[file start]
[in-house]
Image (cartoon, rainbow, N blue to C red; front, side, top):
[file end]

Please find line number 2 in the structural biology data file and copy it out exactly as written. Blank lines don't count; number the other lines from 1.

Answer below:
Image (cartoon, rainbow, N blue to C red; front, side, top):